Signs & Symptoms

As with acute heart failure, it is difficult to define specific symptoms for advanced heart failure outside the general symptom complex of heart failure.

The predominant clinical features are discussed in the acute heart failure signs and symptoms section. The most common symptoms attributable to heart failure are dyspnoea, fatigue, weight gain and fluid retention evident as peripheral oedema, and ascites.

A potentially helpful manner in which to approach the clinical evaluation of someone with advanced heart failure can be to consider symptoms in terms of degree of congestion (wet or dry) and degree of perfusion (hot or cold) (Nohria et al., 2002). This can largely be done by gathering clinical information from examination of the neck veins, lungs, abdomen and extremities. Hypoperfusion can be indicated by cool extremities, fatigue, narrow pulse pressure and evidence of worsening renal function. Congestion is suggested by high jugular venous pressure, oedema, ascites and orthopnoea. Figure 2 provides a visual representation of the potential states arising by using this method to break down the clinical picture (Nohria et al., 2001; Mentz & O’Connor, 2016).

A diagram that shows how to assess haemodynamic status in heart failure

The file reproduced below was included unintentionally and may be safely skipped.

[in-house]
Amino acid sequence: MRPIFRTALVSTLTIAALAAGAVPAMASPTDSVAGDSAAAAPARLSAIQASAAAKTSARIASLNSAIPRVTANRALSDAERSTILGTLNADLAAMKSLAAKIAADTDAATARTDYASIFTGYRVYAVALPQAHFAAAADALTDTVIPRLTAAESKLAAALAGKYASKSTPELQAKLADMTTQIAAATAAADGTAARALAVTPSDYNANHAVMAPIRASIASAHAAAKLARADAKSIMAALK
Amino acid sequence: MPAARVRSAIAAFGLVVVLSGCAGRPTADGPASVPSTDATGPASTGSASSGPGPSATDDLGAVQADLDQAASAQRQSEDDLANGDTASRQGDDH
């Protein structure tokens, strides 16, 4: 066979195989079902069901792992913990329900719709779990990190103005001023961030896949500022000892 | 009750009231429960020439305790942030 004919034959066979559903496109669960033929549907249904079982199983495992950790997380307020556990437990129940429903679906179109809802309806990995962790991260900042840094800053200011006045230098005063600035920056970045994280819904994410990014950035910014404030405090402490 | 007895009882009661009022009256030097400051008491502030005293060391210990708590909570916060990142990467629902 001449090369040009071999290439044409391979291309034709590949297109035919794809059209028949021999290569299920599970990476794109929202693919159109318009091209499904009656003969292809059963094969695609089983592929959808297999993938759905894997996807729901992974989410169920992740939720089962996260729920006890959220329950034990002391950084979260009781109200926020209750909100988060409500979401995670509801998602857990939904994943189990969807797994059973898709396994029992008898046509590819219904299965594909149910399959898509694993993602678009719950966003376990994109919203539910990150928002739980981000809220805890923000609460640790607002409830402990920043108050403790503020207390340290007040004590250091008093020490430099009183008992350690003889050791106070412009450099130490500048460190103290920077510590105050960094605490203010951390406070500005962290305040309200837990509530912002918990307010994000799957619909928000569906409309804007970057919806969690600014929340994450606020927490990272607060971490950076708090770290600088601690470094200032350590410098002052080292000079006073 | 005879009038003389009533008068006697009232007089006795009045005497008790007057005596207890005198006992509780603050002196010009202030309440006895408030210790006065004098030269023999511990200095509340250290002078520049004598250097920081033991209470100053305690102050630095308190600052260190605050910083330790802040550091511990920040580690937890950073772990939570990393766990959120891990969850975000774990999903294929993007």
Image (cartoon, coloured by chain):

Figure 2. Assessing haemodynamic status in heart failure (adapted from Mentz & O’Connor, 2016).
Clinical profiles: A, warm and dry; B, warm and wet; C, cold and wet; L, cold and dry.

From Figure 2, the desired state is clinical profile ‘A’, where the patient is well perfused, without any clinically-notable oedema. Most patients requiring hospital admission will exhibit clinical profile ‘B’; where symptoms relating to venous congestion are predominant over those of hypoperfusion. In advanced heart failure, clinical profile ‘C’ may be notable, as patients with congestive symptoms and oedema require a balance to be struck in management terms (Mentz & O’Connor, 2016).

The most sensitive clinical findings that determine poor prognosis are a raised jugular venous pressure and a third heart sound, or S3 ‘gallop’ rhythm (Figure 3) (Drazner et al., 2001).

Visual representation of the sounds of an S3 ‘gallop’ rhythm on precordial auscultation.

Figure 3. Visual representation of the sounds of an S3 ‘gallop’ rhythm on precordial auscultation (adapted from Drazner et al., 2001). The third heart sound is caused by a sudden deceleration of blood flow from the left atrium into the ventricle.